Ms. Madrid filed a previous application for disability insurance benefits on June 19, 2009, which the Social Security Administration (“SSA”) denied on October 5, 2009. AR 14. Ms. Madrid did not seek reconsideration of that decision. Id. Applying the doctrine of res judicata and declining to reopen her first claim, the ALJ held that Ms. Madrid's current claim could only address the time period spanning from the day after her first claim was denied until the date she was last insured: October 6, 2009 through September 30, 2010. Id. at 14-15.

         The SSA initially denied Ms. Madrid's current claim on June 8, 2012-finding that the evidence failed to show she was disabled at any time prior to the date she was last insured. AR 80-82. The SSA denied her claims on reconsideration on January 23, 2013. AR 86-87. Ms. Madrid requested a hearing before an administrative judge (“ALJ”). AR 88-89. On January 8, 2014, ALJ Barry O'Melinn held a hearing. AR 29-77.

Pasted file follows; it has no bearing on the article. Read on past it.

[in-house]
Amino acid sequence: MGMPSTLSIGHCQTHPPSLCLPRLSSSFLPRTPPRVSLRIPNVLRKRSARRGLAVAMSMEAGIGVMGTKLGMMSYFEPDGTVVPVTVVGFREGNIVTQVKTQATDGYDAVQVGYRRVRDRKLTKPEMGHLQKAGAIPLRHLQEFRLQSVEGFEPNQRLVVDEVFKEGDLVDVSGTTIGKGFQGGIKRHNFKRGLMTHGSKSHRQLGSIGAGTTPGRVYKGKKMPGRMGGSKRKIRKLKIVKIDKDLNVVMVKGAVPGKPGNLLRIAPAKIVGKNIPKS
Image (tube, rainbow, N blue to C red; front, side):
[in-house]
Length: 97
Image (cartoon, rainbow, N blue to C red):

The ALJ issued his unfavorable decision on February 25, 2014. AR 11-28. At step one, the ALJ found that Ms. Madrid had not engaged in substantial, gainful activity during the period from her prior disability denial through her last insured date.[3] AR 16. Because Ms. Madrid had not engaged in substantial gainful activity for at least twelve months, the ALJ proceeded to step two. AR 17-19. At step two, the ALJ found that Ms. Madrid suffered from the following severe impairments: obesity, and back, neck and hip disorders. AR 17. The ALJ also found that Ms. Madrid had the following nonsevere impairments: hypertension, gastroesophageal reflux disease (GERD), diabetes mellitus, obstructive sleep apnea, plantar fasciitis, depression, and obsessive compulsive disorder.[4] AR 17. At step three, the ALJ found that none of Ms. Madrid's impairments, alone or in combination, met or medically equaled a Listing. AR 19. Because the ALJ found that none of the impairments met a Listing, the ALJ assessed Ms. Madrid's RFC. AR 19-22. The ALJ found that: